Why varnish acrylic paintings?
There are a number of reasons for finishing painting with a good varnish. Most importantly, is the protection of your paintings and making them easier to clean. Did you know that dry acrylic paint actually holds onto dust? Now if this would help with your housework it would be great, but unfortunately it doesn't work that way.
The Smithsonian Museum Conservation Institute website tells us this:
"Acrylic films are not as hard as oil films. The surfaces of the soft acrylic films hold onto dust and dirt. The paint may even flow around the particles, over time, so that they are incorporated into the film."
Beyond the importance of adding a shield, I like the way a varnish unifies the painting and enriches the surface. Some acrylic paints are very glossy and others have a mat finish. When you use paints with different levels of sheen, side by side, the work will have a patchy appearance.
You can see the difference in my two paintings of rabbits: one has been varnished, the other has not. You might like the unvarnished look, the choice is up to you, but I prefer an even lustre.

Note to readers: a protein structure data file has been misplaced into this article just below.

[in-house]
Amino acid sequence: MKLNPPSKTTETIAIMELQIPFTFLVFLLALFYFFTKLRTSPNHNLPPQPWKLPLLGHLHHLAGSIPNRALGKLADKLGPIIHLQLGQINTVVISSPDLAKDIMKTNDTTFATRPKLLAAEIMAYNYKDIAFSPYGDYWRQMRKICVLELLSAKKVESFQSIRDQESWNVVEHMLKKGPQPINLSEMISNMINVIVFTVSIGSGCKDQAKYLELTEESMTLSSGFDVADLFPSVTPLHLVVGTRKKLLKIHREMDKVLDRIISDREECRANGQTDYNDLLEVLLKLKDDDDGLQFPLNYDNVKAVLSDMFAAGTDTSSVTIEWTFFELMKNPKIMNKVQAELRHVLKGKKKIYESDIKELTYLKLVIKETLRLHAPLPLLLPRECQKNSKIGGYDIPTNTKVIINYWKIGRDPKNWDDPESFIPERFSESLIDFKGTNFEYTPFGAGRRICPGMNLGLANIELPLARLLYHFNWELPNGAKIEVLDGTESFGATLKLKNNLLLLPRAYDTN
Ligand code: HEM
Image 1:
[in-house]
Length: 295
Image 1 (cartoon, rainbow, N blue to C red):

This first rabbit painting has not been varnished.
Rabbit two has been sprayed with two thin coats of acrylic varnish - satin finish.
The top layer of varnish should be made from a product that has a different base than acrylic paint so it can be removed along with the dust without damaging your painting. (This will be necessary, years from now when your paintings are worth a fortune!)
Because I use a variety of marking tools that remain water-soluble it is essential for me to "seal" them to prevent smudging. Spray varnish works best in this situation.
For brush-on varnish I choose Holbein Acrylic Crystal Clear. When applied with short, criss-cross strokes, one coat will enhance the rich colours and bouncing facets of light.
Gloss, satin or mat finish?
If you like high shine use gloss varnish.
Dark colours require gloss or satin.
Use gloss over metal leaf.
Mat works well on light colours and over fine drawing.
When in doubt or on a budget - go for satin!
Here is a link to the Smithsonian site for more information:
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